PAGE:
The Johnson rules

The 2014 wine guides have arrived, and one of my perennial favorites is Hugh Johnson’s. Some noteworthy facts, opinions and mashups of the two that caught my attention in his 2014 Pocket Wine Book

• “In sherry Spain has the world’s greatest wine bargains; snap them up. … The discovery of the year is how well good sherry accompanies Indian food.”

• “Healthy” sales of labor-optical grape sorters helped Bordeaux’s chateaus, in the “tricky” 2011 and ’12 vintages, avoid a “washout” that might have occurred 20 years ago under such conditions.

• “Rioja is probably the easiest to love of any red wine: strawberry-scented, vanilla-tinged, ripe and supple.”

• Ninety percent of Switzerland’s wine never gets out of the country.

• Chile made its reputation abroad “with merlot and cabernet fit for chocoholics.”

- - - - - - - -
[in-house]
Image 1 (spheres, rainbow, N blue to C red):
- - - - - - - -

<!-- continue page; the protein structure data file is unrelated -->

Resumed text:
• “South African wine is in full ferment … beginning to flirt again with finesse and understatement.”

• Over half of England’s wine is sparkling.

• On this side of the pond, “Nova Scotia continues to hone impressive sparkling wine and a small mix of aromatic whites.”

• “Super Tuscans … are falling away into history … [but have] served an important transitional purpose, bridging the gap between the deficient or faulty wines of post-World War II and the increasingly individual crus of our time.”

• “Throughout Austria the rediscovery of old fermentation and aging techniques create wine with less varietal and more local character.”

Greece’s many indigenous varieties give it “wines of individuality in a world where individuality is the new luxury.”

Aside from its glaring omission of many stalwart California wineries – Carlisle, Aubert, Brown, Lagier-Meredith and three outfits where Thomas Rivers Brown has been kickin’ it (Schrader, Outpost and Rivers Marie) – this is a stellar book. It would be worth the $15.99 for either the vast recommendations or the regional intros, essays, blurbs and features.

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